Spirituality is a major component of a volunteer year, so it is important to make time to focus on it. Spiritual growth requires time, a conscious effort, and commitment - it doesn’t just happen in the busyness of work or community life. Take time for reflection on your own in whatever setting you feel particularly drawn to: sitting outside, hiking, meditation, journaling, or just sitting in silence. Think about how the challenges you have seen and faced in work affected you personally and spiritually. In all of the new experiences you are encountering, how have you grown?

Reflecting on and thinking about your spirituality doesn’t just need to be an individual activity. Reach out to fellow volunteers and community members. Seek out spiritual direction offered through your program or a local place of worship. Ask questions about others’ spiritualties and share about your own: what you struggle with, believe strongly, are curious about, and more. This is a meaningful way to connect with others and learn about yourself at the same time.

Additionally, try visiting new places of worship. Explore the unique traditions and cultures of each. Consider checking out churches in different communities and you may be surprised to find that each has it's own unique flavor. Learning about traditions different from your own offers you new perspectives and opportunities to think about your own beliefs.

6. Howdy Neighbor!

What goes on internally in your community is probably what you will remember most from your experience but don’t forget about the community that exists outside your home. You are a part of the outside community because of the work you do. Have you thought about connecting with fellow volunteers in other programs near you? Don’t know where to start? Use CVN’s online directory to find local programs. Send a quick email to program staff to connect you with these volunteers in your area: https://catholicvolunteernetwork.org/search-program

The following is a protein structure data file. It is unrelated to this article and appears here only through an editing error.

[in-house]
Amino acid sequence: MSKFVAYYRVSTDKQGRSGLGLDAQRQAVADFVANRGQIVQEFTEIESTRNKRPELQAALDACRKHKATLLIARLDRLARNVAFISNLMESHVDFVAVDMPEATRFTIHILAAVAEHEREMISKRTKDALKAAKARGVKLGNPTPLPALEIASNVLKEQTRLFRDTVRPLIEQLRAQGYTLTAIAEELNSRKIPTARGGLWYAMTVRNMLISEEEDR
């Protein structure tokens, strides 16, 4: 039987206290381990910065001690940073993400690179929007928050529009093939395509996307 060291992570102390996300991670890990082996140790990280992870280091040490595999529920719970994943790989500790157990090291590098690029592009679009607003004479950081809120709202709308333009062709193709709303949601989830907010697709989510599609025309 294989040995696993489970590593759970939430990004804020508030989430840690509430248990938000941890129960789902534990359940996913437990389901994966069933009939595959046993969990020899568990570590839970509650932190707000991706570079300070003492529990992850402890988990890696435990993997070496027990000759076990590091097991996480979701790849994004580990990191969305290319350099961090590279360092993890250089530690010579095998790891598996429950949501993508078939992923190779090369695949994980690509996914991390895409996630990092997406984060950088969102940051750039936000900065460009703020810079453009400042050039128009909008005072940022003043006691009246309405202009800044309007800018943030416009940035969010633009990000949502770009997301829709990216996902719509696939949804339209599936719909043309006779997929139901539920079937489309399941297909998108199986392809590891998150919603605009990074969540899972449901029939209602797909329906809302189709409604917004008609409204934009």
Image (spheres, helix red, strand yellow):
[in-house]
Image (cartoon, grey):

Another good way to become a part of your neighborhood is to join your local church or faith community, and take part in any major events or programs. It’s a great way to meet your neighbors and it helps allow you to invest yourself into your community.

7. Living simply isn’t just about money

Living simply will be hard, different, and rewarding. But, it is important to consider what this phrase actually means. Living simply is not just about the modest stipend you receive, but it also can extend to the way you make decisions affecting other parts of your life. We encourage you to think outside your bank account and wallet when it comes to simplifying your life. Here are some suggestions:

  • Food: Have you considered growing your own herbs? They are easy to maintain, and also make great decorations for your home. Adding that something extra to your meal can make you feel like a five star chef! You could try your hand at composting as a great way to become a “zero waste” community. It’s a great way to meet your neighbors: “Hey neighbor, you want some compost?”
  • Time: Move away from the screen. Think about how much time you spend in front of a computer at work and how long your eyes are fixated on your phone. Instead of typing out an e-mail to a friend, opt for a hand written letter. Consider spending that extra time you have to start a book or new art project.
  • iNature: It’s easy to stick in a set of headphones during your commute and miss what’s going on around you. Unplug every once in a while to take in your surroundings. God created a natural soundtrack for us, and we are His audience.

In conclusion, we hope that this year will be filled with joy and lessons learned. We’ll be thinking of you all during your service year.

 

 

Shared Visions is a collaborative effort between Catholic Volunteer Network and Catholic Apostolate Center.